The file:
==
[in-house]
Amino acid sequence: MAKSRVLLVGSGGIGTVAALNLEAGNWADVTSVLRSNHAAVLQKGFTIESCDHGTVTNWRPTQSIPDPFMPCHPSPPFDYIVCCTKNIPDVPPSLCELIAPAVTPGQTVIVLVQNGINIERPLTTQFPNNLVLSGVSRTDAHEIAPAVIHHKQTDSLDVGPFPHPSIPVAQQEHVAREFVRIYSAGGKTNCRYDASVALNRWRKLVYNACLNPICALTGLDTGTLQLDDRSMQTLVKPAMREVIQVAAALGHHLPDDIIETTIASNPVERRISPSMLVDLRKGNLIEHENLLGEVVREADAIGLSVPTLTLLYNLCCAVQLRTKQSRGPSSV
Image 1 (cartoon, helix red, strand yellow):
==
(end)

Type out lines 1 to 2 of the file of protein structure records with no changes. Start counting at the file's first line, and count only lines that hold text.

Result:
[in-house]
Amino acid sequence: MAKSRVLLVGSGGIGTVAALNLEAGNWADVTSVLRSNHAAVLQKGFTIESCDHGTVTNWRPTQSIPDPFMPCHPSPPFDYIVCCTKNIPDVPPSLCELIAPAVTPGQTVIVLVQNGINIERPLTTQFPNNLVLSGVSRTDAHEIAPAVIHHKQTDSLDVGPFPHPSIPVAQQEHVAREFVRIYSAGGKTNCRYDASVALNRWRKLVYNACLNPICALTGLDTGTLQLDDRSMQTLVKPAMREVIQVAAALGHHLPDDIIETTIASNPVERRISPSMLVDLRKGNLIEHENLLGEVVREADAIGLSVPTLTLLYNLCCAVQLRTKQSRGPSSV